10. A HIGH AIM AND PERSEVERANCE PROPER TO A STUDENT. Confucius would not admit Koew's apology for not attempting more than he did. “Give over in the middle of the way,” i. e. they go as long and as far as they can, they are pursuing when they stop ; whereas K'ew was giving up when he might have gone On, 11. HOW LEARNING SHOULD BE PURSUED. 12. THE CHARACTER OF TAN-T“AE Mišš-MING. The chapter shows, according to Chinese commentators, the advantage to people in authority of their having good men about them. In this way, after their usual fashion, they seek for a profound meaning in the remark of Confucius. Tan-tae Méč-ming, who was styled Tsze-yu, has his tablet the second east outside the hall. The accounts of him are very conflicting. According to one, he was very good-looking, while another says he was so badlooking that Confucius at first formed an unfavourable opinion of him, an error which he afterwards confessed on Méé-ming’s becoming eminent. He travelled southwards with not a few followers, and places near Soochow and elsewhere retain names indicative of his presence. 13. THE VIRTUE OF MANG CHE-FAN IN CONCEALING HIS MERIT. But where was his virtue in deviating from the truth 7 And how could Confucius commend him for doing so 7 These questions have never troubled the commentators. Māng Che-fan was an officer of Loo. The defeat, after which he thus distinguished himself, was in the 11th year of Duke Gae, B.C. 483. 14. THE DEGENERACY OF THE AGE ESTEEMING GLIBNESS OF TONGUE AND BEAUTY OF PERSON. Too, the officer charged with the prayers in the ancestral temple. I have coined the word litanist, to come as near to the meaning as possible. He was an officer of the state of Wei, styled Tszeyu. Prince Chaou had been guilty of incest with his sister Nan-tsze (see ch, 26), and afterwards, when she was married to the Duke Ling of Wei, he served as an officer there, carrying on his wickedness. He was celebrated for his beauty of person. 15. A LAMENT OVER THE WAYWARDNESS OF MEN'S CONDUCT, “ These ways,”—in a moral sense;—not deep doctrines, but rules of life. 16. THE EQUAL BLENDING OF SOLID EXCELLENCE AND ORNAMENTAL ACCOMPLISHMENTS IN A COMPLETE CHARACTER. 17, LIFE WITHOUT UPRIGHTNESS IS NOT TRUE LIFE, AND CANNOT BE CALCULATED ON. “No more serious warning than this,” says one commentator, “was ever addressed to men by Confucius,” We long here, as elsewhere, for more perspicuity and fuller development of view. An important truth struggles for expression, but only finds it imperfectly. Without uprightness, the end of man’s existence is not fulfilled, but his preservation in such case is not merely a fortunate accident. 18. DIFFERENT STAGES OF ATTAINMENT. 19. TEACHERS MUST BE GUIDED IN COMMUNICATING KNOWLEDGE BY THE SUSCEPTIVITY OF THE LEARNERS. 20. CHIEF ELEMENTS IN WISDOM AND VIRTUE. We may suppose from the second clause that Fan Ch'e was striving after what was uncommon and superhuman. The sage's advice therefore is—“attend to what are plainly human duties, and do not be superstitious.” 21. CONTRASTS OF THE WISE AND THE VIRTUOUS. The wise or knowing are active and restless, like the waters of a stream, ceaselessly flowing and advancing. The virtuous are tranquil and firm, like the stable mountains. The pursuit of knowledge brings joy. The life of the virtuous may be expected to glide calmly on and long. After all, the saying is not very comprehensible. 22, THE CONDITION OF THE STATES TS'E AND TOO, Tsoe and Loo were both within the present Shan-tung, Tsoe lay along the coast on the north, embracing the present department of Ts’ing Chow and other territory. Too was on the south, the larger portion of it being formed by the present department of Yen-chow. At the rise of the Chow dynasty, King Woo invested “the great Duke Wang” with the principality of Tsoe; while his successor, King Ch'ing, constituted the son of his uncle, the famous duke of Chow, prince of Loo. In Confucius' time, Tsoe had degenerated more than Loo. 23. THE NAME WITHOUT THE REALITY IS FOLLY. This was spoken with reference to the governments of the time, retaining ancient names without ancient principles. The vessel spoken of was made with corners, as appears from the composition of the character, which is formed from Réö, “a horn,” “a sharp corner.” In Confucius' time, the form was changed, while the name was kept. 24. THE BENEVOLENT EXERCISE THEIR BENEVOLENCE WITH PRUDENCE. Tsae Wo could see no limitation to acting on the impulses of benevolence. We are not to suppose, with modern commentators, that he wished to show that benevolence was impracticable. 25, THE HAPPY EFFECT OF TEARNING AND PROPRIETY COMBINED. 26. CONFUCIUS WINDICATES HIMSELE FOR VISITING THE UNWORTHY NAN-TSZE. Nan-tsze was the wife of the duke of Wei, and sister of Prince Chaou, mentioned chapter xiv. Her lewd character was well known, and hence Tsze-loo was displeased, thinking an interview with her was disgraceful to the Master. Great pains are taken to explain the incident. “Nan-tsze,” says one, “sought the interview from the stirrings of her natural conscience.” “It was a rule,” says another, “that officers in a state should visit the prince’s wife.” “Nan-tsze,” argues a third, “had all influence with her husband, and Confucius wished to get currency by her means for his doctrine.” 27. THE DEFECTIVE PRACTICE OF THE PEOPLE IN CONFUCIUs' TIMEs. See the Doctrine of the Mean, III. * 28. THE TRUE NATURE AND ART OF VIRTUE. There are no higher sayings in the Analects than we have here. 1. TSZe-kung appears to have thought that great doings were necessary to virtue, and propounds a case which would transcend the achievements of Yaou and Shun. From such extravagant views the Master recalls him. 2. This is the description of “ the mind of the perfectly virtuous man " as void of all selfishness. 3. t is to be wished that the idea intended by “being able to judge of others by what is mighin ourselves,” had been more clearly expressed. Still we seem to have here a near approach to a positive enunciation of “the golden rule.” HEADING AND SUBJECTS OF THIS BOOK.—“A transmitter, and 3 * We have in this book much information of a personal character about Confucius, both from his own lips and from the descriptions of his disciples. The two preceding books treat of the disciples and other worthies, and here, in contrast with them, we have the sage himself exhibited. 1. CONFUCIUS DISCLAIMS BEING AN ORIGINATOR OR MAKER. Commentators say the master’s language here is from his extreme humility. But we must hold that it expresses his true sense of his position and work. Who the individual called endearingly “our old P’ang ” was, can hardly be ascertained. Choo He adopts the view that he was a worthy officer of the Shang dynasty. But that individual's history is a mass of fables. Others make him to be Laou-tsze, the founder of the Taou sect, and others again make two individuals—one this Laou-tsze, and the other that Pang.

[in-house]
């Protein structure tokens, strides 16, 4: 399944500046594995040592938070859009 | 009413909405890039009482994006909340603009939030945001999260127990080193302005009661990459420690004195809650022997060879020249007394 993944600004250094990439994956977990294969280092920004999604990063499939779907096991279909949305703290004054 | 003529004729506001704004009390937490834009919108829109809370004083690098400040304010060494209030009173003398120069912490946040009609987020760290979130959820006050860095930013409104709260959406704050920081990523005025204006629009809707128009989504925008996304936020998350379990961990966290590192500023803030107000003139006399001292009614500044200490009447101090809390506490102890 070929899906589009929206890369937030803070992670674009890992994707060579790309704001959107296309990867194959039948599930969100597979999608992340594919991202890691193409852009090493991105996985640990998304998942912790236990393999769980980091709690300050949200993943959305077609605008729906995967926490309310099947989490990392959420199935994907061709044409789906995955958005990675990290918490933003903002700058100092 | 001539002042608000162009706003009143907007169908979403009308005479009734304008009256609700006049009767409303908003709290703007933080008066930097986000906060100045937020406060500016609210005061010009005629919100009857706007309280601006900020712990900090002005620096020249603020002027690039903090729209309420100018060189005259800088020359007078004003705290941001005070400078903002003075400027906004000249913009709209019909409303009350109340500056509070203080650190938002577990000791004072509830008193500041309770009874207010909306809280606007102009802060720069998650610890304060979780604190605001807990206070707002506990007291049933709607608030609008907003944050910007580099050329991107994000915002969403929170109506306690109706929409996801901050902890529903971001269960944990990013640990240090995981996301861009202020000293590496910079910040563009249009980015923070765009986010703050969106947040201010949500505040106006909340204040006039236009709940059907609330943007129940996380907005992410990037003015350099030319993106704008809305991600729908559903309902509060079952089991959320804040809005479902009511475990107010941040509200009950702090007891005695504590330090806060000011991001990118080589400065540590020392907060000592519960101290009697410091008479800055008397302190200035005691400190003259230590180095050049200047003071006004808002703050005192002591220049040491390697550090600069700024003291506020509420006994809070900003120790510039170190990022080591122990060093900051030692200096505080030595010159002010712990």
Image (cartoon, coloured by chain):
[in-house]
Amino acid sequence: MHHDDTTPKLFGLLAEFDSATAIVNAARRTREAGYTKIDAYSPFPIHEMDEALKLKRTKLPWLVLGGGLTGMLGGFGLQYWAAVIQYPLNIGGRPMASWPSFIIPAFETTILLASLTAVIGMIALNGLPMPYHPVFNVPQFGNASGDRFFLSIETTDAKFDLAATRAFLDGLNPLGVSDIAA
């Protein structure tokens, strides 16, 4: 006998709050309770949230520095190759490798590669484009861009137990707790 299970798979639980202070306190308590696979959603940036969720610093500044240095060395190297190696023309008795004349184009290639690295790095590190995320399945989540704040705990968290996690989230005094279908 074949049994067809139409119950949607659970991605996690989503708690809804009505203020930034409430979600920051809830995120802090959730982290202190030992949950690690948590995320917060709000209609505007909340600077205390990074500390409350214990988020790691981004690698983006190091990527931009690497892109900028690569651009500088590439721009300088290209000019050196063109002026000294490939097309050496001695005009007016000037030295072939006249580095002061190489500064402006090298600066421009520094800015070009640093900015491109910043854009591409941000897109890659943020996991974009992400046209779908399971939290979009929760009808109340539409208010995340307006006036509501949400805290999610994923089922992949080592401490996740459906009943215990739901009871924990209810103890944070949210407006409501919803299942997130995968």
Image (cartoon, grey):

XV. The Master said, “Who can go out but by the door : How is it that men will not walk according to these ways : ” XVI. The Master said, “Where the solid qualities are in excess of accomplishments, we have rusticity; where the accomplishments are in excess of the solid qualities, we have the manners of a clerk. When the accomplishments and solid qualities are equally blended, we then have the man of complete virtue.” XVII. The Master said, “Man is born for uprightmess. If a man lose his uprightness, and yet live, his escape from death is the effect of mere good fortune.” XVIII. The Master said, “They who know the truth are not equal to those who love it, and they who love it are not equal to those who find delight in it.” XIX. The Master said, “To those whose talents are above mediocrity, the highest subjects may be announced. To those who are below mediocrity, the highest subjects may not be announced.” XX. Fan Ch'e asked what constituted wisdom. The Master said, “To give one’s-self earnestly to the duties due to men, and, while respecting spiritual beings, to keep aloof from them, may be called wisdom.” He asked about perfect virtue. The Master said, “The man of virtue makes the difficulty to be overcome his first business, and success only a subsequent consideration;–this may be called perfect virtue.” XXI. The Master said, “The wise find delight in water; the virtuous find delight in hills. The wise are active; the virtuous are tranquil. The wise are joyful; the virtuous are long-lived.” XXII. The Master said, “Tse, by one change, would come to the state of Loo. Loo, by one change, would come to a state where true principles predominated.” XXIII. The Master said, “A cornered vessel without corners.-A strange cornered vessell A strange cornered vessel ! ” XXIV. Tsae Wo asked, saying, “A benevolent man, though it be told him, ‘There is a man in the well,’ will go in after him, I suppose.” Confucius said, “Why should he do so A superior man may be made to go to the well, but he cannot be made to go down